If the payment beneficiary has been named, the money will go straight to them and no probate is required. In this case, the beneficiaries should file a claim with the insurance company along with the death certificate. It will normally take between about 1 and 3 months for the money to be paid out.

If, however, no beneficiary has been named, the money will go directly into the deceased person’s estate and probate may be needed depending on the amount of money that it is and how it affects the estate.

Do I need probate where the deceased had foreign assets?

If the deceased person has assets held in foreign countries, the process can be more complicated.

Different countries have different laws, so if this is the case it is recommended that you get advice from legal services in the jurisdiction of where the assets are held to ensure that you are acting within the law.

Solicitors in the UK can give you advice on how to do this.

Do I need probate to access funds held by a business?

If the deceased person was a business’s owner, partner, or director, the process can be more complicated. It is recommended that in these circumstances, you speak to a solicitor.

Do I need probate where the deceased was the beneficiary of a trust?

When it comes to trusts, different trusts have different rules, some meaning that probate is required and others not. It is, therefore, recommended that you speak to a solicitor if they were a beneficiary of a trust.

Do I need probate where a trust is established under the terms of the will?

Some people set up a trust as part of their will and there are a number of reasons why they choose to do this. Some of these reasons include:

  • Protecting assets – certain assets that they wish to ensure will go to particular people.
  • Protecting beneficiaries – beneficiaries such as children or disabled people who might be unable to manage their own assets at the time.
  • Retaining control – to be able to transfer assets out of personal ownership but also retain a degree of control.
  • To be able to treat capital and income differently – enabling different beneficiaries to be treated differently – for example, a spouse could be treated differently to other beneficiaries.
  • To reduce the tax paid.
  • To avoid the need for probate transferring.

Administering the estate when there is a trust involved can be complex, and sometimes probate is required and other times it is not. It is, therefore, recommended that you discuss the situation with a solicitor who can advise you on your obligations.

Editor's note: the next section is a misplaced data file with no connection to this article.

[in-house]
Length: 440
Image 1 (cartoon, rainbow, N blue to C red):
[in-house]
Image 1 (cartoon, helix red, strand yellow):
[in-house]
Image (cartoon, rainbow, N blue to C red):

What happens when probate is not needed?

If you need a probate, it can take between about 6 and 12 months for the estate to be finished, including selling property and closing bank accounts.

If, however, you do not need probate, it is still likely that you will need to show the death certificate and proof of identity before the bank or financial institution allows you to access the bank account and funds of the deceased person.

If the deceased person left a will, the executor who is named in the will has the responsibility for administering the assets of the estate.

If, however, a will has not been left, the responsibility of the administration of the estate is down to the beneficiaries under the intestacy rules.

Do I need to pay inheritance tax when probate is not required?

Whether or not you need to have probate does not have an impact on whether you need to pay inheritance tax. Inheritance tax is paid to HMRC based on the value of the estate. There are some circumstances, however, when inheritance tax does not need to be paid – such as if the estate passes to the deceased person’s spouse when probate is also not required.

It is essential that a Grant of Probate is obtained if it is needed. If you delay or don’t obtain one when it is required, there can be several consequences. These include:

  • Inheritance tax must be paid to HMRC within 6 months of the death. If this is delayed, you can be liable to pay interest and additional penalties.
  • You have a legal requirement to advise banks of a person’s death.
  • The payment of beneficiaries will be delayed, causing ill-feeling, and ultimately, potentially give beneficiaries the grounds to remove you as executor

If you have any other questions, please do not hesitate but to contact Waldrons Wills and Probate Solicitors today.

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Last reviewed on 11/07/23 by Dawn Cash who is Head of Private Client and an Associate Director